One morning last week he was sitting in the front seat of a van. The driver and him were just getting ready to depart. He saw me, recognized my ugly mug and told me to hop aboard. I grinned, thanked him and jumped in. I exhaled in relief as I hit the seat cushion. Not only did I have the seat to myself but it was a secured ride!

Let me explain what I mean by a secured ride. When you travel by public transportation to the border at four in the morning there's two common ways you can get robbed. The bad guys can hit you while you're traveling to the staging area (which happened to me), or you can get hit while you're on the shuttle van, bus, taxi etc. I can't imagine being packed inside one of those white vans in the darkness before the dawn, when all of a sudden some cretin pulls out a pistol and screams "Gimme your f*g money!"

My fellow commuter had solved the problem by not picking anybody up. As the three of us headed for the border, the shuttle van driver and his hundred peso passenger updated each other on the latest criminal activity in the area. From what I could ascertain, there were two particularly nasty groups of thieves giving the locals problems. One was a two man team that boarded together and robbed the passengers and drivers from the inside. The second group was larger and used a vehicle. One person boarded the shuttle van and using a cell phone, signaled to the trailing vehicle when the van was ripe for the picking.

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SDaniels July 28, 2009 @ 8:17 p.m.

What do you suppose was in the suitcases he so eagerly wanted to get to the ocean?


David Dodd July 28, 2009 @ 9:04 p.m.

SD: That road between Tijuana and Rosarito has a lot of room on the area between the highway and the ocean, maybe a quarter mile in places. My guess, if I had to make one, is that he was delivering guns and ammunition to a predetermined place. Guns alone weigh plenty, but throw in the ammo and I could see it.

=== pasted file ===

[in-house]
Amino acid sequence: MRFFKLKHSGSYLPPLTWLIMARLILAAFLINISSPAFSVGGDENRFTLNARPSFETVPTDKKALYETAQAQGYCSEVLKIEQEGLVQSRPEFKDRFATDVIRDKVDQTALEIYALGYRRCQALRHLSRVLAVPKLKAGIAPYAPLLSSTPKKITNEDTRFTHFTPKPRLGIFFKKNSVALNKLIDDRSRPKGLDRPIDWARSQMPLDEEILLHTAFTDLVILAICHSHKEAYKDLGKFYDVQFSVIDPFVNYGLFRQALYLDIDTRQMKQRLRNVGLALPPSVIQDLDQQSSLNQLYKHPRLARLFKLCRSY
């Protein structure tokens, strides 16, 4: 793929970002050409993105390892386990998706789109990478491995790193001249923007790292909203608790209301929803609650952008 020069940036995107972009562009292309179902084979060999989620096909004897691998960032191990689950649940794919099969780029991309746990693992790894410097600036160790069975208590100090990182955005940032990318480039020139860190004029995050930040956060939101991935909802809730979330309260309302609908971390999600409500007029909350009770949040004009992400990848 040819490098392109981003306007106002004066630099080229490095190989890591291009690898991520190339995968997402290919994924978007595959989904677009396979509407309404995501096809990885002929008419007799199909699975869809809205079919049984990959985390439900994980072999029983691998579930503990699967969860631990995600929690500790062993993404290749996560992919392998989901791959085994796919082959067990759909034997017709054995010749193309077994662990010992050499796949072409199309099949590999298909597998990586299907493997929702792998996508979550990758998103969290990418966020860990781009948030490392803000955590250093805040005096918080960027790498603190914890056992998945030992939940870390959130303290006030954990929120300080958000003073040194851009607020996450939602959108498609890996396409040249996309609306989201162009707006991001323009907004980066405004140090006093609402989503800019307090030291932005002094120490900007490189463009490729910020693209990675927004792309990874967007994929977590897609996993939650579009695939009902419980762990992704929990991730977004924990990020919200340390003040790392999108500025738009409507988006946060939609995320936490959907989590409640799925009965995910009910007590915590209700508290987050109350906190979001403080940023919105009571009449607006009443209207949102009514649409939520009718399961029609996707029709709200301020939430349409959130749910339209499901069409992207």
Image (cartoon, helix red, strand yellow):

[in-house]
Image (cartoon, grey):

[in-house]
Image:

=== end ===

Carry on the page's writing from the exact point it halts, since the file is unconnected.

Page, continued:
My only question is that if he had five hundred dollars cash, why didn't he have a car? And if five hundred was all he had, he could've given that cab driver a hundred and the cab driver would've peed his pants with joy.


radicalgod Aug. 7, 2009 @ 1:55 a.m.

I absolutely love Mexico

There is no doubt that Mexican kids who have never been to the USA or its primary schools, are faaaaaar happier.

I think we have waaaay to many artificial rules of safety that sqander the childs natural spirit. In the USA adult-child relationships are so strained due to the constant media generated fear of the sex predator.

Ive seen how freely mexican adults touch and pet young kids(strangers) with love. The kids in any society need this nourishment from a source other than their own parents.


JohnEdwardRangel Aug. 12, 2009 @ 9:06 a.m.

Just sat down at my uncle's computer to post a new story and wow! The father of the little girl I wrote about is an unemployed mason who is helping me build a 'writing room' behind my palatial wooden shack. So she will also benefit from the story. My greatest reward are the words of congratulations sent by fellow bloggers. Thanks folks.


JohnEdwardRangel Aug. 24, 2009 @ 8:26 a.m.

I agree, he was probably carrying guns and yes five hundred dollars is a lot of money. The problem with this article is that I didn't ask the taxi driver when this occurred. Nowadays, many gunmen escape via public transportation. Cops have a tendency to ignore buses and cabs. I have several stories I'm working on, told to me by people who were on buses with such characters. As for the money, once again a time line is the factor. When did this event take place? If it happened during the heyday of the Arellano family then throwing around money like that would sound about right. I once spoke with a middle aged sex service worker who wistfully recalled the 'glory days' of the Arellano's rule. She said quote; "When the Arellano's ran our town I could make two or three hundred a night by just stripping. I never had to screw anybody."